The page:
At 83, Mr Jamal lives up to a well-deserved reputation as a pure-class musician and performer. At a time when that generation of veteran musicians is becoming scarce, that’s pretty good news . And thank you to my beloved girlfriend for setting up a fund drive for these pricey tickets. Definitely worth it.

New album “Saturday Morning” is out on Harmonia Mundi/ Jazz Village

Recommended listening:

Ahmad Jamal Trio, Complete Alhambra and Blackhawk Performances

Ahmad Jamal Trio, Complete Live at the Pershing Lounge 1958

Ahmad Jamal Trio, Complete Live at the Spotlite Club 1958

Matana Roberts, Coin Coin Chapter Two: Mississippi Moonchile

matanacovernews

Continuing the bold agenda initiated on her previous Coin Coin Chapter 1 Gens de couleur libres, Matana Roberts’ follow-up is an impressive and exciting album. Though it builds on the seminal first chapter, this sequel finds Roberts upping the ante and engaging an even wider spectrum of musical and historical milestones to explore her roots as an African-American woman.  The alto saxophonist and multidisciplinary sound artist has defined her artistic statement as “panoramic sound quilting” and this patchwork quality is even more intriguingly articulated on this new chapter, suggesting a deep-seated desire to piece together the tapestry of the African-American experience through both microcosmic and personal lenses. Coin Coin is the nickname of an inspirational freed slave, Marie Thérèse Métoyer, as well as what Roberts grandfather called her “for fun”, she says. As on Coin Coin 1, Roberts addresses the issues of appropriation and female empowerment with a very unique talent for storytelling. The haunting howl of Pov Piti (Coin Coin 1) has erupted into multiple vocal reverberations on Coin Coin 2, with Robert’s incandescent alto propelling the narrative forward.  While jazz is still a prominent part of this project – and Roberts’ improvisations and composition skills cannot be faulted – it is only one piece of the ongoing story, one that incorporates African 6/8 beats (“Thanks be you”), the blues (“Responsary”), funky New Orleans undertones (“Spares Of The World”), sacred music, communal chant (“Woman Red Racked”), and even the tenor voice of an opera singer. Throughout, Roberts mixes in her own voice in the form of fragmented narratives and spoken word based on family lore and African-American history. There is a sense that the story cannot be told in one big outpouring but needs future editing to patch together the “quilt”. “There are some things I just can’t tell you about”, she intones obsessively throughout the album.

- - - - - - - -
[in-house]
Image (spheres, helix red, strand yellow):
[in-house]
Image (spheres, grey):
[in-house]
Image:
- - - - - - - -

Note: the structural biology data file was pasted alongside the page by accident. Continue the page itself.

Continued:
“Invocation” leads off the suite, a Coltrane-tinged-circa Meditations-Ascension symphony of canon-like motifs coming together and apart over the churning rollercoaster of the rhythm section. The operatic tenor voice of Jeremiah Abiah, present from the start, is probably the most adventurous innovation on an album that straddles the secular and sacred lineages of African-American music with hard-edged commitment. Once you get past the oddness of hearing a music style that seems antithetical to the spiritual and labor roots of that culture – well, opera and jazz turn out to be a surprisingly successful marriage.  It also speaks to Roberts’ “avant-garde” sensibilities, which seem to center around the expression possibilities of the human voice in the context of orchestrated improvisation. Each song segues into the next seamlessly, with all the musicians bouncing around the melodic content, interacting with each other or contributing their own instrumental voice to the story. “Benediction” picks up the mood established by the opener “Invocation”, rounding off the album on a meditative and highly spiritual note. Part of a projected 12-part series, Mississippi Moonchile is a thrilling waystation along Matana Roberts’ fascinating journey, one that solidifies her place as an accomplished modernist and nonpareil artist.

For more detailed analysis of the album, I recommend buying The Wire’s October issue, which contains a full-length interview of Matana Roberts and, presumably, an insightful review of the album. I need to get that.

The album is out on Constellation Records and streaming on The Wire’s website.

Personnel: Matana Roberts (alto saxophone, vocals, conduction, wordspeak), Shoko Nagai (piano, vocals), Jason Palmer (trumpet, vocals), Thomson Kneeland (double bass, vocals), Tomas Fugiwara (drums, vocals), Jeremiah Abiah (operatic tenor vocals)

Also on Constellation:  Coin Coin Chapter one, gens de couleur libres.